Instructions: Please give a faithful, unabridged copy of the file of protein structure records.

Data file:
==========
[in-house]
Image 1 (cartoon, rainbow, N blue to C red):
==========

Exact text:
[in-house]
Image 1 (cartoon, rainbow, N blue to C red):